Gillette: What’s in an ad?

A few days ago Gillette released a commercial that asked men to basically understand that their behavior has repercussions. The commercial in question is a short film called We Believe: The Best Men Can Be. During the commercial, there are several mentions of the MeToo movement and sexual harassment. There are several images of men groping women in a comical way, men catcalling and boys fighting and being bullied. All the while Gillette is including themselves in our tendency to let this behavior happen in the open.

It’s a good commercial that asks men to check their attitudes about women and those we deem weaker than us because our kids are watching and they are also learning; learning how to be men by watching their fathers, or uncles or even their older friends. Taking a look at Gillette’s new website website will give you a look at their mission statement and how they are holding themselves accountable for the past thirty years of advertising how men should look and feel. They talk about having goals to promote men to be inclusive, positive and healthy.

This is a worthy campaign and unfortunately, people reacted about as well as you would expect.


Some men, myself included, are seemingly getting the wrong idea about this ad. At first, I felt that the ad was a waste of time. I didn’t need a razor company to tell me how to treat other people. My parents taught me from a very young age that you should be respectful of other people, regardless of what they look like or whether you agree with them. It was always easy for me. I didn’t bully other people when I was younger, I never grabbed a co-worker by their backside or chest and I never raised a fist in anger unprovoked. I was fine, I am fine, and I do not need a razor company telling me to be a better person.

But then I got curious about the response to this ad. Sure, there are plenty of people that are going to bury their head and let Fox News tell you what they think. But as I started thinking about this ad and kept thinking about it in the days since (something a good ad is supposed to do), and I started really thinking about the kind of guy I was before I was married and had children. Ten years ago, I was not someone I would enjoy being around now. I drank a lot, I didn’t care about others and I certainly didn’t care about what you thought of me. While today I’m not exactly a shining example of what a man can be, I certainly try my hardest to just be a good person because that’s who my wife and children deserve.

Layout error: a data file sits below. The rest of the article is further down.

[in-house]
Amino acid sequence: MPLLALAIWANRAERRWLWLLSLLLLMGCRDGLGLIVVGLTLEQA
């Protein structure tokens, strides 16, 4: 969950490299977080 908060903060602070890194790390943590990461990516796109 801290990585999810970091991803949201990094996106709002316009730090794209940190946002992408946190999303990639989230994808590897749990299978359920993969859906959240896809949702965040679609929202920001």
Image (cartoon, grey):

Now, I’m not going to make this ad about me and my beliefs, because this ad is intending to start a conversation while selling you a product. Let’s not be mistaken, Gillette is still hoping to sell you something, that’s the point of advertisement. But commercials can do more than tell you when it’s cool to go to the bathroom during your favorite show or baseball game. A commercial can be something that makes you reflect upon your station in life or the world’s climate. Remember when “Got Milk” was on t-shirts? Remember “Where’s the beef?”? While these are jokes that people of a certain age can remember fondly, these are also shining examples of an advertisement doing its job.

And have you seen this commercial for life insurance, you know, the one that reminds you to be a good person, not for personal gain, but just because being a good person is physically and emotional rewarding?

Today, it seems harder and harder to do anything without irritating someone. Some guys, not all, saw this new ad from Gillette and thought that this razor company was calling all men and their behavior toxic. It wasn’t. It was highlighting the behavior of some men and reminding us that it is not right.

If you want to talk about an ad from Gillette, you should talk about this one here.

This advertisement for the Gillette Treo might just be a complete work of fiction trying to sell a razor. The people involved may very well be actors doing their job, but the situation they’re in is a very real one. More and more people are finding themselves in need of others due to age and their bodies breaking down. Something we will all have to deal with.

But no one wants to talk about that.

You shouldn’t feel bad about the gender you are. No commercial should make you regret being a man or a woman. But what you should do is be a good person, and for no reason other than it’s the right thing to do. Gender has nothing to do with being good. I’m not going to tell you to not grab someone inappropriately because I shouldn’t have to. Your parents should have already done that. You shouldn’t give a damn about someone’s skin color or what god they worship or who they sleep with. The only thing you should do, is look at yourself very hard and ask yourself if you would want to hang out with that person. Would you like yourself if you met you at a party? Don’t worry about a razor company asking you hard questions; ask why it took a razor company asking you hard questions to get you to confront them. And if you think that the Gillette company is calling you a bad man all of a sudden, they’re not, because a lot of their commercials over the last couple of decades have had an emphasis of showing men with their families along with the occasional fighter jet that turns into a model.

But none of this will make any difference as long as people are getting upset at being told that there are bad behaviors and habits that both men and women live with. Intimidation and fear are something we all have to deal with daily, a razor commercial won’t change that. But how we react to it, will.

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